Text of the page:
Monday, May 11, 2015

Samsung NX1 moiré comparison

Last month I did a sort of "first impression" review on the Samsung NX1, concentrating on its 1080p video and things I liked and did not like about the camera. I touched on places I was seeing the dreaded DSLR moiré tendency, which is one of the many reasons I'm not a DSLR fan in general. But as stated then, I can not deny how many producers have an appetite for cheap, reasonably descent video.

Again, my decision to buy the NX1 over other DSLRs stems from a specific project I have starting in June, shooting finished architecture for a construction company wanting to show samples of their work at presentations and on their web site. My original pitch was to document their buildings in UHD & 1080p video as well as high resolution stills for print or any other graphic application. This way they would somewhat future proof their accomplishments in formats of the future. How dynamic would it be for them to display their work at a trade show in UHD, for instance, setting themselves apart?

My original plan was to shoot Arri Amira at both 1080p and UHD, (as that capability is now available through licensing and clip re-calibration). But that approach proved to be out of the client's budget range so another solution had to surface. I needed a DSLR camera to shoot the stills at high resolution but also shoot UHD and 1080p video. The Sony A7s only shoots 12MP stills, so despite it's superior video capabilities, I had to rule it out (this time). The Panasonic GH4 could shoot very sharp 4K video internally at impressive 100 Mbps, but again the stills were only 16MP, not quite enough for architecture. And aside from the needs of this project, I wanted the camera to be useful for other projects as well.

The Samsung NX1 caught my eye because it has an impressively sharp sensor, shoots UHD & 4K internally as well as 1080p as H.265 files, which are impressively compact files that can be easily sent to clients over the internet and stored using far less space compared to drive hungry uncompressed codecs. Of course, the caveat is that H.265 currently cannot be used as an editing codec and thus must be transcoded into a codec that is. So there is a time and machine dedication requirement, that to some, might be objectionable in their workflow. In my case, I was willing to accept that caveat.

For the most part, relative to DSLRs, I like the video quality coming out of the NX1. It's very sharp and colors are pretty good for 4:2:0 color space internally. It's dynamic range is average for DSLR cameras, which seems to be acceptable to producers and clients wanting a low cost solution. It has the fastest 1080p rolling shutter performance for DSLRs. The biggest issue I have with the camera comes down to moiré performance. I am to shoot architecture of brick and mortar that create very thin horizontal and vertical lines that asks a lot of any video camera's sensor, especially DSLRs. Moiré has been a very difficult tendency to overcome. Some DSLRs place anti-aliasing filters over the sensor to help minimize this problem but don't seem to eliminate it in all modes of shooting. The Samsung NX1 has no such filter, thus it produces ultra-sharp images but suffers from moiré under certain visual conditions. Changing the sharpness setting in the camera might tighten moiré but does not eliminate it in challenging situations.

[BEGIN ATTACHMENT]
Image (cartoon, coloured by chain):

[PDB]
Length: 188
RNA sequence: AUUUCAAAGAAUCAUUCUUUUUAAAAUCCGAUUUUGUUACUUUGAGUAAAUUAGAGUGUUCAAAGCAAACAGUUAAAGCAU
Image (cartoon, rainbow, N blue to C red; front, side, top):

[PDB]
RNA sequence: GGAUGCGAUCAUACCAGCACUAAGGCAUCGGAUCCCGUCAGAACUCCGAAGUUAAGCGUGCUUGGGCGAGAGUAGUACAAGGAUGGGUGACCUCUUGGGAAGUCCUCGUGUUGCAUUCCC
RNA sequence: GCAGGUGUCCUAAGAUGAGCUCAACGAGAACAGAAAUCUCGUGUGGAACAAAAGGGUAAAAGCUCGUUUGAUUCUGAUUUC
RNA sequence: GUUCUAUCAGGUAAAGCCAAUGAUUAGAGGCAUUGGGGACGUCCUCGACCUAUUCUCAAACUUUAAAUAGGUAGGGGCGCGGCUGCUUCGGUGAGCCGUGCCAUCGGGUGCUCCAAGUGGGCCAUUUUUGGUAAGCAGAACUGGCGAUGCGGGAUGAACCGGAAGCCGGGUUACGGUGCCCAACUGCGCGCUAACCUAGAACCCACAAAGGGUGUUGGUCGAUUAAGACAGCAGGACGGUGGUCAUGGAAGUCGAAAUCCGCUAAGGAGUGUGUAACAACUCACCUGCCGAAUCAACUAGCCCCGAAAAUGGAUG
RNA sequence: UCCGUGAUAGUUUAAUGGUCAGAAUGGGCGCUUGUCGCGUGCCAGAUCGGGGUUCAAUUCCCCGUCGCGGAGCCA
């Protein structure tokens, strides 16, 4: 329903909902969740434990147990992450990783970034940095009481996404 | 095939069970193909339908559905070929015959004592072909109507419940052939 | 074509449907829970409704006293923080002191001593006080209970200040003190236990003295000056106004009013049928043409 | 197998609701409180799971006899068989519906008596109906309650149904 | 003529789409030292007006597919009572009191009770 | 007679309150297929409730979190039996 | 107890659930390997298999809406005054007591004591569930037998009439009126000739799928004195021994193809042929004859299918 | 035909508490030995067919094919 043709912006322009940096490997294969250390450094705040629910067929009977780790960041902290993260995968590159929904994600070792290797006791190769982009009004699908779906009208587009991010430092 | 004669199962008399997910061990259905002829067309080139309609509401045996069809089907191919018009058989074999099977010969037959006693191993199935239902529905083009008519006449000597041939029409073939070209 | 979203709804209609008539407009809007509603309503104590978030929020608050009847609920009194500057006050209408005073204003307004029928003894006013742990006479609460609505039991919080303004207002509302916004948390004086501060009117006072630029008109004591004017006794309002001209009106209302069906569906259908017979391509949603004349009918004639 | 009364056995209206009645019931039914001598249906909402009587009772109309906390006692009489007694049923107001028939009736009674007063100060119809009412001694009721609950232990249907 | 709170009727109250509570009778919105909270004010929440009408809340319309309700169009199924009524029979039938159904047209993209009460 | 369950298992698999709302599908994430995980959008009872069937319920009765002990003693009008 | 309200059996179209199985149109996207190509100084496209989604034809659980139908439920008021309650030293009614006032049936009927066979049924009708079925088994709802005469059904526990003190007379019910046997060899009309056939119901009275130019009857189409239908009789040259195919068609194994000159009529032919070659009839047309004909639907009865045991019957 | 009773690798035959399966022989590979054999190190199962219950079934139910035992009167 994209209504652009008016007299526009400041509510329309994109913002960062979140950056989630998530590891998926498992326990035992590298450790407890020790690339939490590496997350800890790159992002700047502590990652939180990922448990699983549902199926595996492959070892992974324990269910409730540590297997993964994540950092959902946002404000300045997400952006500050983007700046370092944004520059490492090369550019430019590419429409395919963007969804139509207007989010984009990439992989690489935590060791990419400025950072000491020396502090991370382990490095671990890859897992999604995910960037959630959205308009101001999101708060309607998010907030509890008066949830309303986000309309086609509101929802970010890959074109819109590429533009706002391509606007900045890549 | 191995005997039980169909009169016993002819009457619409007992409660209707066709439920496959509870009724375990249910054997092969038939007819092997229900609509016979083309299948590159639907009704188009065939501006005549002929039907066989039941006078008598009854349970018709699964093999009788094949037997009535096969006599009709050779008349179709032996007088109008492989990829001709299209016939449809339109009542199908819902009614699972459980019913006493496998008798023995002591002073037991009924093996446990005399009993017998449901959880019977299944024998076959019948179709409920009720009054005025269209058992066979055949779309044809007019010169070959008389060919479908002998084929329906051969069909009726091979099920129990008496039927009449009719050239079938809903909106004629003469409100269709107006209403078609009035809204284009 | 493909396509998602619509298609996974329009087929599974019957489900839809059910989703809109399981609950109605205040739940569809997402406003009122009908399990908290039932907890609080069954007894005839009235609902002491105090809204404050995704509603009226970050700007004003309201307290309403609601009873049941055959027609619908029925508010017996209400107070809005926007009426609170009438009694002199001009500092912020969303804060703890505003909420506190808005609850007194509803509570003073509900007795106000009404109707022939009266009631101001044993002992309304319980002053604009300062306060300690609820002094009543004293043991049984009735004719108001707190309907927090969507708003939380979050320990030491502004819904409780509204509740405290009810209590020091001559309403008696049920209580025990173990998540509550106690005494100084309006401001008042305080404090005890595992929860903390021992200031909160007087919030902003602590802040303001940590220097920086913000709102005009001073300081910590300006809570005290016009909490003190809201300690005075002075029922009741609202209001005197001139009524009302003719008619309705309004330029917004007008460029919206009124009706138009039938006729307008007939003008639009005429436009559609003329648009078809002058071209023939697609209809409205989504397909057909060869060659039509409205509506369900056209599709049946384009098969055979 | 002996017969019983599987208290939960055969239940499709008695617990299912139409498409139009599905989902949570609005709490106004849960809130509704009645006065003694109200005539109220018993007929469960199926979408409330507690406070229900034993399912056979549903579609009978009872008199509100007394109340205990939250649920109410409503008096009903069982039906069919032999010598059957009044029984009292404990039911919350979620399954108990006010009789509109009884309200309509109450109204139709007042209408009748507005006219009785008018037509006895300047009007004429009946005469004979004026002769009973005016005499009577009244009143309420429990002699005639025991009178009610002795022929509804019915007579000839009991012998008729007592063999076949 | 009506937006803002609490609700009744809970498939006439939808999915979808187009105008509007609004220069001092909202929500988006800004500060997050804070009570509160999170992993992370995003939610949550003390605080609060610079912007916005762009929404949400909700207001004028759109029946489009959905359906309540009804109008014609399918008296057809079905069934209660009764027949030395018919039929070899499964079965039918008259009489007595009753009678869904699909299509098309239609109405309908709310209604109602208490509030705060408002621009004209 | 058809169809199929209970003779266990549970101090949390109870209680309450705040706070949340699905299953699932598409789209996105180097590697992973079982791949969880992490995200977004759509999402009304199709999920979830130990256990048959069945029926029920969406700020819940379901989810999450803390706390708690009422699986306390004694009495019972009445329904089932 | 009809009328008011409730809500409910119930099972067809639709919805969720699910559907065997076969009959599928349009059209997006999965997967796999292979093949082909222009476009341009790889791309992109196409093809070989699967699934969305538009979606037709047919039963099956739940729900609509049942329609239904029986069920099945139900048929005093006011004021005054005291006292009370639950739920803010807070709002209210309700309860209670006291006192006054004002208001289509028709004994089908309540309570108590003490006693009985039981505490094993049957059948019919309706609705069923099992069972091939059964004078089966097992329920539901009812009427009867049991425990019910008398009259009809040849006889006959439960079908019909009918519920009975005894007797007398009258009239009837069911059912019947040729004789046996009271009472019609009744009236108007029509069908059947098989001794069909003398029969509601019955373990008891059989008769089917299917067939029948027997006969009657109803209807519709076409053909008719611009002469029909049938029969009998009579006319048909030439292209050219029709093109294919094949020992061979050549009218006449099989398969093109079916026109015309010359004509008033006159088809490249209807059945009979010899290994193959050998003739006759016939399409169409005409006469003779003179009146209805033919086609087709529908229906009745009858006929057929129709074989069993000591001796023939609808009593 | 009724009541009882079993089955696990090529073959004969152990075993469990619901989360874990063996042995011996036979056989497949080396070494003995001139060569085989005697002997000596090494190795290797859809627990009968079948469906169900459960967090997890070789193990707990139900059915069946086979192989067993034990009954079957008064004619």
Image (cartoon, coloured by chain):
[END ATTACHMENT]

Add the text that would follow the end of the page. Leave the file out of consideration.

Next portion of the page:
So to understand what I was in for on the architecture project, I had to test the NX1 and see what it was capable of. At the very least, I expected I could use the NX1 for the stills (in RAW mode only) but could I shoot the video with it? 

Thus today's review is centered around a moiré comparison between the Samsung NX1, in both 1080p & UHD modes, and the Sony EX1 in 1080p mode and Arri Amira in 2K mode. I realize this is kind of an odd comparison. Ideally, I'd want to compare the NX1 against the A7s and GH4, in UHD and 4K modes, DSLR cameras with 4K capabilities. But that's not what I needed to know. I own the Samsung NX1, Sony EX1 and the Arri Amira (currently up to 2K) only, and one of these cameras would provide the video I needed to deliver an acceptable 1080 final product now. For 4K delivery, being secondary to my client, I could simply upgrade my Amira for 4K acquisition for less money rather than buying another DSLR that may or may not handle moiré better.

Again, for what I'm seeing in reviews, the GH4 and A7s still suffer from moiré to some degree in some modes and neither provided the still resolution I needed.

My first architecture subject is a high school with a red brick facade, fine tight lines, that would prove to be the biggest challenge for the camera sensors. I shot from a slider on the ground with mostly side-to-side motion to see how moiré would appear in movement. I shot at different distances from the building knowing the further away I got the harder it would be for the sensor to interpret the detail. I was using my Canon Cinema Zoom 30-105mm on both the Samsung NX1 and Arri Amira at 30mm (both having similar crop factors). I also used Canon FD 24mm photo prime on the NX1 to see if lens choice affected the moiré significantly.